December 16th, 2000            Phase one will begin

January 6th, 2001            Phase one will be completed

January 8th, 2001            Supplies and equipment for phase two will be gathered by this date.

January 20th, 2001            Phase two, part one will begin

February 3rd, 2001            Phase two, part one will be completed.  Part two will begin.

February 24th, 2001            Phase two, part two will be completed.  Part three will begin.

March 3rd, 2001                         Phase two, part thee will be completed. 

April 30th, 2001            Final Report will be completed.



Applicant Qualifications and Jurisdictional Authority:

·         Independent researcher

·         Leader of 4H Plankton Monitoring group

·         Participant in California Department of Health Services’ toxic phytoplankton monitoring network

·         Owner of Nerds on Wheels, a computer consulting, tutoring, repair and web development company

·         Trained in microbiology techniques in a micro-marine biology course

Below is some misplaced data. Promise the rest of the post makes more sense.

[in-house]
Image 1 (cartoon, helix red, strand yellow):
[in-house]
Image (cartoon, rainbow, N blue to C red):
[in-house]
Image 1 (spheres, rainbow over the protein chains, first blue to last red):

·         4th place winner in the California State Science Fair & winner of regional science fairs

·         Trained in fecal coliform level monitoring processes by staff in the water quality control department of Monterey Bay Aquarium at their lab facility

·         In contact with various researchers and agencies, including Loyola University Chicago, Roger Phillips, Applied Research Manager at the Monterey Bay Aquarium, Palmer Landcaster, owner of Aquatic Adventures, and Gregg Langlois, supervisor of the phytoplankton monitoring program at the California Department of Health Services.


Evaluation/Monitoring Methods:

            Escherichia coli levels will be quantified using Colilert® 18 hr MPN method.  Actual filtration rates will be calculated using Hildreth and Crisp’s corrected formula for calculating the filtration rate of bivalve mollusks in a recirculating system.


Permits & Environmental Compliance:



Property Owner Permission:
            The project will be conducted on my personal private property.